If God wanted to meet you face to face, if He wanted to be closer to you than you could imagine, what would you be willing to endure for that to happen? Can you choose to see these last two years as a sacrifice of worship to God? Can you look at all the trials in your life, all the losses and hardships, and discern God’s mysterious will working through them?
Take a moment now and offer your trials to Him as worship, and then rest in the peace that comes rushing in!
Stephen Santos is an author, songwriter, worship leader and speaker. He lives with his family in South Carolina, USA.
I was driving home when I noticed two street signs that seemed incongruous. The train station and shop signs were pointing in the wrong directions; the exact opposite ones, to be precise. If I were a tourist, a traveler who is not familiar with the suburb, I would have followed the sign and got lost. I guess somebody had moved the street signs as a prank or even as an intentional deception. In our walk with the Lord too, we need to know who is navigating us—God, ourselves, others, or the evil one. If we are not aware of our surroundings, we can easily get lost or misled. This Lent, whose voice will we listen to? Judas…the crowd…Pilate…or Jesus…?
To be good at anything, we have to put time, effort, and practice into it. The same applies to our preparation for eternity. How well are we going to do at the end of year exams if we have put little or no time towards studying during the year? Similarly, how well will we stand up on judgment day when we are held accountable for our lives? In our preparation period on earth for eternity, how much of our life was spent in prayer, good works, and sacrifice? Our Lord paid the ultimate price for our salvation, but we have to play our part. As He has graciously allowed us to be part of that sacrifice, let us not waste this valuable opportunity. He, through Calvary, has given us a chance to be part of His redemption, to be part of His sanctity, consequently allowing mere humans to be called into sainthood. What a privilege! As my mother would always remind us, children, this life of ours on earth, short or long, is but a preparation period, the springboard to eternity. How we fare in the structure of eternal life will be determined not only by Jesus’ death and resurrection, but by every thought, word, and deed we perpetrated during the time we spent on earth.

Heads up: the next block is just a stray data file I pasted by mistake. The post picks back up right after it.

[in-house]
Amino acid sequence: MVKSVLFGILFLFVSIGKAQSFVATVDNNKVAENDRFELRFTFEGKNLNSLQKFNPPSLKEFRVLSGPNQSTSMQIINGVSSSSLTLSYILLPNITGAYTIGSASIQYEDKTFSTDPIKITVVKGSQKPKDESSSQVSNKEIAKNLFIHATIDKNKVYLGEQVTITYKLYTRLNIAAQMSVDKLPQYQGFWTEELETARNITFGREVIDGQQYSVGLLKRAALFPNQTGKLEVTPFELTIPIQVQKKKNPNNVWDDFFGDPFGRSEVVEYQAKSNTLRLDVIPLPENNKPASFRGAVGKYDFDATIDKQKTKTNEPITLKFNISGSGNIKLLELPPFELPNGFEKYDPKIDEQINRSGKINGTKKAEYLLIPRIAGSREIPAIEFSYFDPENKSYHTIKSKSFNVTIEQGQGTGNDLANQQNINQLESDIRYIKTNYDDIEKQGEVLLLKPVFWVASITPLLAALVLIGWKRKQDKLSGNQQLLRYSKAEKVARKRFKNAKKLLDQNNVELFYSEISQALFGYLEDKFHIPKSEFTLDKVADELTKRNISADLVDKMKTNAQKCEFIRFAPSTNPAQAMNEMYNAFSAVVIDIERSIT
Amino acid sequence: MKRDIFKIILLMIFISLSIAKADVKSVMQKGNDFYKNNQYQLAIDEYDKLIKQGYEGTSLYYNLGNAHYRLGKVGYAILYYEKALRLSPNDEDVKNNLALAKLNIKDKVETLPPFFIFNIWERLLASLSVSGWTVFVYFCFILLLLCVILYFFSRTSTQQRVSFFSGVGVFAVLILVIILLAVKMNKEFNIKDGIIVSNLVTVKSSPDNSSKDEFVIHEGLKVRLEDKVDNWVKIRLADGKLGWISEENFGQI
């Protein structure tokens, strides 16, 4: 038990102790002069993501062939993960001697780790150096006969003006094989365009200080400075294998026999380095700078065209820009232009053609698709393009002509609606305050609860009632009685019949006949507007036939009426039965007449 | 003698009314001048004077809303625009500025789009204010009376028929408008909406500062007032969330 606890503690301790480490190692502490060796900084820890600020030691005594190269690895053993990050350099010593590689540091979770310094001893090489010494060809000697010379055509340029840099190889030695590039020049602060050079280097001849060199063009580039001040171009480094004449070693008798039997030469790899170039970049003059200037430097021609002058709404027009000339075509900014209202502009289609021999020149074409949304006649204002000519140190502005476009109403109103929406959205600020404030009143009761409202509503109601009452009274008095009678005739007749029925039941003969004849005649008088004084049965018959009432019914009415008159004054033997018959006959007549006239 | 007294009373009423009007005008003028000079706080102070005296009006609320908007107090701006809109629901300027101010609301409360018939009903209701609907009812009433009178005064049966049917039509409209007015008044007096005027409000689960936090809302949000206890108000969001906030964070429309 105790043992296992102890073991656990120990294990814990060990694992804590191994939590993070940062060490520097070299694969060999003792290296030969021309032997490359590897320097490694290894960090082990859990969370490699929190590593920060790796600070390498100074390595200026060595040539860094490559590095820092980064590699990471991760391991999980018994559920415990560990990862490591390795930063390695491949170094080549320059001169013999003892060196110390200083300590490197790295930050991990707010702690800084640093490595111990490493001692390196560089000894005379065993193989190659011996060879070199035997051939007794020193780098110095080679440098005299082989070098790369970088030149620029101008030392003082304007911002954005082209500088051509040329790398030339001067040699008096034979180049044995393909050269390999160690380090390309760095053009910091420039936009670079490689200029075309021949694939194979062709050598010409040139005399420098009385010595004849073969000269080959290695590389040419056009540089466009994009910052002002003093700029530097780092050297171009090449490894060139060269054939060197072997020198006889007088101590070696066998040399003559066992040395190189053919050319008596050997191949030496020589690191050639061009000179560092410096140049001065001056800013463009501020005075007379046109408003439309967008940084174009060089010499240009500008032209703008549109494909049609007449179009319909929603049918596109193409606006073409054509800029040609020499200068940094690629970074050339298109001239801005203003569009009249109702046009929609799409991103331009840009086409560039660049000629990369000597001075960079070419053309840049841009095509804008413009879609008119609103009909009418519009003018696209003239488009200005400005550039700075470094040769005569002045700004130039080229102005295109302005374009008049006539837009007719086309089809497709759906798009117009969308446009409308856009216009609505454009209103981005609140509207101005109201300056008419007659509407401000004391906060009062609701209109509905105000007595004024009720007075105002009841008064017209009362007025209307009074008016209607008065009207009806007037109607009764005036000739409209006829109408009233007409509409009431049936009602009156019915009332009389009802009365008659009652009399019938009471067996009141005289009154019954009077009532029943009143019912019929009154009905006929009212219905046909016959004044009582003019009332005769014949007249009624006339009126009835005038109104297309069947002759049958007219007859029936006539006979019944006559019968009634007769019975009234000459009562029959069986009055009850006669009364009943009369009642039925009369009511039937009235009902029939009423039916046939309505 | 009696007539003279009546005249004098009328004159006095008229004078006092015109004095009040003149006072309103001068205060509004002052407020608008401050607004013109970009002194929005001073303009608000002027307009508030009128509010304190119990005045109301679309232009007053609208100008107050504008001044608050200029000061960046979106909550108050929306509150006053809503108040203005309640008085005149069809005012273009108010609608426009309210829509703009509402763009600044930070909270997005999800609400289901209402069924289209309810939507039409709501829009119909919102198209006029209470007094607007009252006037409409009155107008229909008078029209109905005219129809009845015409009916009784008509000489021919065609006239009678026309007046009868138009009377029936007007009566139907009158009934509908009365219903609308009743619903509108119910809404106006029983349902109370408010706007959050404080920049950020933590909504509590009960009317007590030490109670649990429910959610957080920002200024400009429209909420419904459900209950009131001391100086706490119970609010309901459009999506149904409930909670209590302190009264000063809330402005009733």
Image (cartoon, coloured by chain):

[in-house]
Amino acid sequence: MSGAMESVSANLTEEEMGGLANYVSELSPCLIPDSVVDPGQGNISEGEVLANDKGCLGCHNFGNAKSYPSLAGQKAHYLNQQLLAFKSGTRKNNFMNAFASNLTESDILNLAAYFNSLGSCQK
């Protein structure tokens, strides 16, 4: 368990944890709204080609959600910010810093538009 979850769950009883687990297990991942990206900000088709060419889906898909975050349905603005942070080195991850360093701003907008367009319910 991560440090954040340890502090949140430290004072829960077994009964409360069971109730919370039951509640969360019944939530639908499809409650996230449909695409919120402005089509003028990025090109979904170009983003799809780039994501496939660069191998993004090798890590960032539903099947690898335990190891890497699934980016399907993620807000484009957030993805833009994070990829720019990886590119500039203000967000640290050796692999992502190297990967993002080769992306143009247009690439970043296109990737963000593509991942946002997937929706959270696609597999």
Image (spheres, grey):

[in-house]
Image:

If your sacrifices are dragging you down and causing you to dread Lent—take heart. Our Lady at Fatima gave the children a prayer which offers compelling reasons to sacrifice. Her words may help dispel your Lenten dreads. The prayer begins: “O Jesus, it (this sacrifice I am making) is for love of You.” Why not borrow those words and make them your own? Telling Jesus you are doing this hard Lenten thing for love of Him may remind you why you are denying yourself in the first place: you are making room in your heart, so that you may love Him more. Further, the prayer helped the children offer their sacrifices for “the conversion of sinners.” You can do the same. When you make a Lenten sacrifice, offer it for a specific loved one who is living far from God. “O Jesus, this is for love of You, for the conversion of......” Praying in Our Lady’s words will not lessen the difficulty of your sacrifices; but, because it sweetens them with love for Jesus and for lost souls, her words may truly help to dispel your Lenten dreads.
I am not one of those holy souls who look forward to Lent. However, I do have a few friends and family members who do. So, I try to take note of why that is the case. Just last week, my mom mentioned she was looking forward to Lent so she could invite her band, who are all senior citizens, to her parish fish fry. She said she’s really looking forward to it, since most of them aren’t Catholic but have mentioned that they like attending fish fries. After enjoying their traditional fish and chips, my mom is planning on reserving a room in the parish hall so the band can make music together after dinner. They call themselves the Silver Foxes and often visit nursing homes together to spread a little joy. My mom is a joyful evangelist, even at age 80! And she has unlocked the secret that Lent is for more than making penitential acts, but it is a time for growing the Kingdom of God by growing the Body of Christ.